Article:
Alex moved back to his station to prepare the ink. He thought for a moment of how to recreate this unmistakably symbolic tattoo for her. He had an idea to draw the open expanse of space above and over her shoulder, with the sparks intertwining over her heart. Covering up the small ink already there would be no problem with the dark blues and purples he was already considering. This new one could serve as a reminder but also disguise the current art resting above her heart.
He moved to the table and asked if she was ready to begin.
“It’ll likely take a few hours. I’ll have to go a little deeper on the areas already covered. If it gets too intense, let me know and we can take a break,” he instructed her. Again, she only nodded.
As the gun began its deliberate journey along her skin, he felt her sigh. Some people, he had come to recognize, feel a sharp sense of catharsis during the experience. The actual physical pain acting as an agent of release. Emotions trapped within the depths of a person’s psyche finally free to breach the surface of suddenly shallow waters.
He’s seen many people cry. Not with the pain of penetration, but with the agony of an abrupt eruption. Like magma finally reaching the surface to explode as lava. Unapologetically expressing the heat of too tightly held, constrained energy.
He felt for her then, as she cried her silent tears. Watched as her grief dripped down the apple of her cheeks, soaking into the locks of her auburn hair. She made no move to wipe them away, giving them the honor of her conscious liberation.
After a while, her melancholy became slightly less heavy, transmuting to an energy more akin to contemplation.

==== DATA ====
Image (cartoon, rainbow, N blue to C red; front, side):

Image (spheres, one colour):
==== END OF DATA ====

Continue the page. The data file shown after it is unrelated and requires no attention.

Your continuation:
She started talking then. Like a stream of consciousness, words that didn’t entirely string together cohesively, but Alex could still make sense of the impressions behind them.
He began piecing together parts of her story. His story. Their story intertwined, like the chain-link now half obscured over her heart.
They met as randomly as two people could. Like the universe had been conspiring all the while to have them meet in some accidental middle. But it was more than that, she had said. It was like her life had suddenly fissured. There was a gaping crevice between the time before him, and then the time after.
“I didn’t even know how to measure moments, before. It was like suddenly I was aware. I was awake. I could calculate the sounds of our seconds. I could suddenly quantify the pulse of our sighs, the pleasing friction of our skin as it brushed together. We were all at once a whole equation uncalculated. My new purpose trying to find the answer in the topography of his face. The landscape of our love became our obsession. I experienced our connection like a currency. Of debts we enjoyed paying back in full.”
Her stream continued, flowing like a river, unhindered. Finally.
“Do you know anything about chemistry?” she asked at one point.
“I know enough to get by,” Alex had responded.
“We had a connection that I’ve never been able to understand, to rationalize. It was so chemical in nature. But that we’d have the same reactions within ourselves? How could it not be sacred? What if it really was because we were created from the same star?”